In brief: Before the Nintendo Switch launched in March 2017, quite a few people expected it to be a failure, but they were quickly proved wrong. The hybrid console, which was the best-selling hardware platform last year, has now sold 32.27 million units over its lifetime, putting it ahead of the Gamecube and Wii U, and just spitting distance away from the Nintendo 64's 32.93 million sales.
A quarterly record of 9.41 million Switch machines were sold between October and December last year, marking a 30 percent year-over-year increase. While that's undoubtedly welcome news for Nintendo, the company is unlikely to reach its 20 million sales target for the current financial year. The first three quarters saw at total of 14.48 million units shifted, meaning it would need to move over 5.5 million Switches in the final quarter. As such, Nintendo has revised its forecast to 17 million units, which would require around 2.5 million sales throughout January, February and March.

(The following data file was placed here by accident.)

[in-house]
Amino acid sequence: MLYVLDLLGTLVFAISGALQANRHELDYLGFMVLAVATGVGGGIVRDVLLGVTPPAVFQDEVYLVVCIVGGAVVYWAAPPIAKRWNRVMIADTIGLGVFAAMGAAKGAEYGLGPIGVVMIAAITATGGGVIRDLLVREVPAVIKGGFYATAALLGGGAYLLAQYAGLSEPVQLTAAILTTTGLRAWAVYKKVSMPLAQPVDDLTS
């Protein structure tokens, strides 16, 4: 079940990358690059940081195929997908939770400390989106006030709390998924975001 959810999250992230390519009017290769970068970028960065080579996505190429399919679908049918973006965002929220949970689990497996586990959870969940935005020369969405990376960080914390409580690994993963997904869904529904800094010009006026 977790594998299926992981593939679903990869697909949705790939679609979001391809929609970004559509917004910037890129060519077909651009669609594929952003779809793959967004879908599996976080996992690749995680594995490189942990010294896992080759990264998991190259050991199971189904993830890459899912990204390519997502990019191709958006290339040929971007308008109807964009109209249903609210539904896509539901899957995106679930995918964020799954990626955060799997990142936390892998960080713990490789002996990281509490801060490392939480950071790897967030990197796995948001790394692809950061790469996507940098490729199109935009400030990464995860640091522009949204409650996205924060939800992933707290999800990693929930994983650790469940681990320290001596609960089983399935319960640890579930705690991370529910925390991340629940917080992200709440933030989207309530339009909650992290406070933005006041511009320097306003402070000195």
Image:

The Switch's game sales have been equally strong. Super Smash Bros. Ultimate sold 12.08 million units. Despite only launching last month, it was the fifth best-selling game in the US last year. Pokemon: Let's Go, meanwhile, shifted 10 million, and Super Mario Party, which launched on October 5th, sold 5.3 million.
Digital game sales, which includes full games, download-only games and DLC, were up 95.1 percent YoY to $774.3 million.
The strong performance helped Nintendo generate 608.39 billion JPY ($5.59 billion) revenue during the Christmas period, up 26 percent YoY. It also recorded a net profit of 104.21 billion JPY ($958 million), its best Q3 result for eight years.
For the year ending March 31, 2019, Nintendo said it expects total net sales of $11 billion and operating profit of $2.06 billion.